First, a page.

Flood-hit communities will enjoy a welcome respite from further threats over the weekend after experts predicted river levels would fall in the next few days, despite persistent rainfall.
As towns and cities in northern England continue the clear-up after the Christmas floods, the Environment Agency (EA) has reduced the number of its flood warnings.
But 14 flood warnings and more than 60 flood alerts remain in place across England and Wales, and EA teams remain in stricken areas to help pump away flood water, repair damaged defences and clear river blockages.
Flood-ravaged regions will continue to face high river levels, particularly the River Severn in parts of Shropshire, Worcestershire and Gloucestershire and the River Ouse near York.
Localised flooding from rivers is possible in Devon and Cornwall for the next three days, the EA said, and in South Wales on Sunday, and with more rain on Friday and over the weekend rain could bring surface water flooding, particularly in the South West and South Wales.
But river levels are expected to gradually fall over the weekend, and all severe flood warnings have been removed.
Across the north of England over the past week more than 7,300 homes have flooded as river levels reached all time highs.
A weather system coming from the Atlantic to the south west has brought more rain for the UK, pushing across the country on Friday.
The Met Office has issued yellow "be aware" weather warnings for rain, with more than 2in (5cm) predicted to fall on Dartmoor in Devon.
More serious amber warnings have been issued for parts of eastern Scotland for Saturday to Monday, with heavy rain likely and snow on higher ground above 600m. Up to eight inches (20cm) of rain could fall there before Monday.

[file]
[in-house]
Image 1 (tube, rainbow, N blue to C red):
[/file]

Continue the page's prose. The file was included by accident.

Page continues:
Julian Mayes, a senior forecaster with MeteoGroup, said: "Over the weekend, although we have got an area of low pressure more or less sat stationary over the UK, there will be outbreaks of rain in most areas. It is not going to be as heavy as recently, though.
"Saturday will be overcast, with patchy rain and drizzle in most areas, while on Sunday it will be a bit wetter.
"A band of heavy rain will move from Ireland and south west Britain north east to Scotland and northern England later on. But it will pass through and brighten up later, with showers coming into southern England and Wales."
Next week will be showery and colder than in recent weeks, with temperatures closer to the norms for this time of year, Mr Mayes added.
He said: "On Saturday it will be a little above average in southern Britain but fairly near normal in northern Britain - maximums of 7C on both Saturday and Sunday and up to 10C or 11C in southern England on both days."